In May, the United Nations’ Secretary General António Guterres was set to receive the top prize from the Path to Peace Foundation, the major charitable organization established to support the work of the Holy See Mission to the U.N. Last week, however, they announced that the event had been rescheduled to October 28.

Similarly in June, the Association of U.S. Catholic Priests (AUSCP) announced that their annual gathering – which was scheduled to take place in Washington, D.C. from June 22-25 – has moved to a virtual meeting.

In making the announcement, Executive Director Father Bob Bonnot tried to strike an optimistic tone, saying that perhaps the new format could attract even more participants.

Since attendees will not have the added expenses of travel and accommodations, he wrote, “We hope even to engage many more of our members than the 300 we had hoped to gather.”

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  1. Fairfield University Responds to Community Needs Amid Health Crisis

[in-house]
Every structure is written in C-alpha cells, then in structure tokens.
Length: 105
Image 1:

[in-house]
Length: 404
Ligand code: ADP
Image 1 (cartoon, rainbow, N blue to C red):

True to its Jesuit mission, Fairfield’s faculty, staff, and students continue to serve those in need and on the front lines during this unprecedented time.
    When the Connecticut Food Bank recently reached out to Fairfield University for a donation, they intended to collect a monetary one. Director of Alumni Relations Janet Canepa ’82 received the call and consulted with Assistant Vice President Jim Fitzpatrick ’70, M’72, P’08 and Fairfield’s General Manager of Dining Services, Duane Gornicki.

    Gornicki oversees the University’s emergency food supply, which has to be rotated continuously, and consists of three days-worth of food — breakfast, lunch, and dinner — for 3,000 students who typically live on campus.

    “When the semester came to an abrupt halt, I had no place to utilize it. We have a lot of expirations that were coming up in May, June, July and we were going to lose the food. This was an opportunity to help.”

    At a time when the global pandemic has hit Connecticut hard, food insecurity for those in need has significantly escalated. Statewide, many food banks have been trying to keep up with an increase in demand for supplies, to provide food not only for individuals and families who were receiving items prior to the COVID-19 health crisis, but for new clients as well.

    Gornicki suggested that Fairfield donate its emergency food supply, and was immediately directed by the Connecticut Food Bank to contact a volunteer coordinator at Columbus House in New Haven. “It’s a significant amount of food,” Gornicki said. “She was so moved, she just broke down and cried.”